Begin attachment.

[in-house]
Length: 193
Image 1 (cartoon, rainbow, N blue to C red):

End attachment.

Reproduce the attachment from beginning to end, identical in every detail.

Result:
[in-house]
Length: 193
Image 1 (cartoon, rainbow, N blue to C red):